Honoring the e-commerce trend
Xiaomi is behind Huawei in fifth place in the worldwide smartphone manufacturer charts. It has built a successful business that’s largely based on listening to consumers and engaging marketing, combined with high-quality devices at lower prices driven by reduced overheads thanks to direct online sales.
“We see e-commerce as a worldwide trend, at around 10% of smartphone sales, but increasing every year. The Honor brand is an online only brand,” explained Mr Ho, “We are focused on the consumers.”
It appears to be working because the Honor brand went from sales of 1 million in 2013 to 20 million last year. There are plans to bring the Honor line to the States this year. Cutting out the carrier allows manufacturers to sell devices a lot more cheaply, but profit margins are still tight.
Ascending to greatness
While the Honor brand has been capturing the imagination of a younger audience and helping Huawei compete with the disruptive Xiaomi, the Ascend brand has helped it build relationships with carriers across Europe and other markets, though a deal with a US carrier remains elusive. The Ascend flagships also show a gradual shift towards the premium end of the market. We were very impressed by the Huawei Ascend Mate 7.
“The Ascend P7 is selling very well worldwide,” according to Ho, and “…the Ascend Mate 7 outsold the Galaxy Note 4 in China in November and December.”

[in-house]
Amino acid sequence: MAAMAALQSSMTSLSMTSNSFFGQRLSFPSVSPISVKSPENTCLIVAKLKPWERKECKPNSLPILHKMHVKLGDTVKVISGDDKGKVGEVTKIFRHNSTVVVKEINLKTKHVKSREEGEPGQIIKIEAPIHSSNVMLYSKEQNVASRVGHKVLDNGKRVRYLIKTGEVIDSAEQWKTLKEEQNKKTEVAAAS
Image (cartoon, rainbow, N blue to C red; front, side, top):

The fact that the Ascend P8 will launch in London this April shows how important the European market is becoming for Huawei.
Conquering new markets
There are still a few stumbling blocks for Huawei to overcome. It has been dogged by allegations of IP theft, its internal structure and management have been questioned, and the US Government even described the company as a national security risk. None of these things can be confined to Huawei, and naturally the company refutes them.
Accusations like this are relatively commonplace, and there isn’t much transparency when it comes to national governments and their relationships with native technology companies. It’s not clear whether this has had any real impact on consumers, but you suspect it has something to do with Huawei’s difficulty in establishing a deal with a US carrier. It’s worth remembering that the company doesn’t need the U.S. to succeed, but it’s such a lucrative market that everyone wants a slice of it.
Continued expansion seems likely when you consider that Huawei still spends big on R&D to the tune of more than $6 billion a year. It also owns HiSilicon, but runs it as a separate semiconductor company licensing from ARM and designing chipsets for devices. That doesn’t mean it plans to handle the whole manufacturing side itself. R&D may lead to patents, but Kevin Ho makes it clear that Huawei will continue to partner with display manufacturers and other suppliers where it discerns the most value.
It will be interesting to see what Lenovo makes of Motorola, whether Samsung’s slide continues, and what Xiaomi can make of its alternative approach. Whatever way you slice it, Huawei’s prospects still look bright and it’s not fixed on the competition.
“There are lots of competitors, but there is no one we want to directly fight with,” explains Ho, “It is about getting the consumer to love our products. It is about giving consumers the best product. There is plenty of room for us to do our own thing.”